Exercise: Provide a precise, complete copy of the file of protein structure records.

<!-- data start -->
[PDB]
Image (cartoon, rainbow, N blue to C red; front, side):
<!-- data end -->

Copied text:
[PDB]
Image (cartoon, rainbow, N blue to C red; front, side):